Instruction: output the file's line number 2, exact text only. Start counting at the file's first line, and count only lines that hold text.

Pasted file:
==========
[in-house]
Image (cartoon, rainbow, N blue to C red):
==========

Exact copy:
Image (cartoon, rainbow, N blue to C red):